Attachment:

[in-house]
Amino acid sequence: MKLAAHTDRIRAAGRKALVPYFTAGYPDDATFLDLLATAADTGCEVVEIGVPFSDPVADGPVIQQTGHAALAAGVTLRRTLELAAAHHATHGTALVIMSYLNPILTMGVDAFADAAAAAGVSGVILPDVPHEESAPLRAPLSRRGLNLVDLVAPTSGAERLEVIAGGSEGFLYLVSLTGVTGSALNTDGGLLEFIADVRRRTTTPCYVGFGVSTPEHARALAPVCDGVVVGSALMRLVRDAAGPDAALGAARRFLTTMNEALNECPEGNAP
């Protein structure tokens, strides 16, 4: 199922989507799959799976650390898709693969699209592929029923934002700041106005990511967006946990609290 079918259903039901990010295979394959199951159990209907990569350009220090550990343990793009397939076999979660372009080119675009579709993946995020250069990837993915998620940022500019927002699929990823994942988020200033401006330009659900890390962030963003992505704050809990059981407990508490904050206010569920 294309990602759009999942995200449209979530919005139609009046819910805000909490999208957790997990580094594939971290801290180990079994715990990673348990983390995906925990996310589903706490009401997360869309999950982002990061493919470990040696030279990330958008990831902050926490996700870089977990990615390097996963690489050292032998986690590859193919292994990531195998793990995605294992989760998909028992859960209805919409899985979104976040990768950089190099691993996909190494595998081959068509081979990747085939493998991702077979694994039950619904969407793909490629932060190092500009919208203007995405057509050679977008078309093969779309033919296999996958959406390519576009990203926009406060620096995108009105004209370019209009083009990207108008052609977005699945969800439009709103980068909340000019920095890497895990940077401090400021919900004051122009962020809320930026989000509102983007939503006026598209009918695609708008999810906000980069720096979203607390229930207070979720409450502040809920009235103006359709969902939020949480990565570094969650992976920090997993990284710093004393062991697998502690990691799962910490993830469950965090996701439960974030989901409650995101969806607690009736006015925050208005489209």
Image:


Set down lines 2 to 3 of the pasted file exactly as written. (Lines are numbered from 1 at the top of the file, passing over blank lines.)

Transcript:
Amino acid sequence: MKLAAHTDRIRAAGRKALVPYFTAGYPDDATFLDLLATAADTGCEVVEIGVPFSDPVADGPVIQQTGHAALAAGVTLRRTLELAAAHHATHGTALVIMSYLNPILTMGVDAFADAAAAAGVSGVILPDVPHEESAPLRAPLSRRGLNLVDLVAPTSGAERLEVIAGGSEGFLYLVSLTGVTGSALNTDGGLLEFIADVRRRTTTPCYVGFGVSTPEHARALAPVCDGVVVGSALMRLVRDAAGPDAALGAARRFLTTMNEALNECPEGNAP
């Protein structure tokens, strides 16, 4: 199922989507799959799976650390898709693969699209592929029923934002700041106005990511967006946990609290 079918259903039901990010295979394959199951159990209907990569350009220090550990343990793009397939076999979660372009080119675009579709993946995020250069990837993915998620940022500019927002699929990823994942988020200033401006330009659900890390962030963003992505704050809990059981407990508490904050206010569920 294309990602759009999942995200449209979530919005139609009046819910805000909490999208957790997990580094594939971290801290180990079994715990990673348990983390995906925990996310589903706490009401997360869309999950982002990061493919470990040696030279990330958008990831902050926490996700870089977990990615390097996963690489050292032998986690590859193919292994990531195998793990995605294992989760998909028992859960209805919409899985979104976040990768950089190099691993996909190494595998081959068509081979990747085939493998991702077979694994039950619904969407793909490629932060190092500009919208203007995405057509050679977008078309093969779309033919296999996958959406390519576009990203926009406060620096995108009105004209370019209009083009990207108008052609977005699945969800439009709103980068909340000019920095890497895990940077401090400021919900004051122009962020809320930026989000509102983007939503006026598209009918695609708008999810906000980069720096979203607390229930207070979720409450502040809920009235103006359709969902939020949480990565570094969650992976920090997993990284710093004393062991697998502690990691799962910490993830469950965090996701439960974030989901409650995101969806607690009736006015925050208005489209």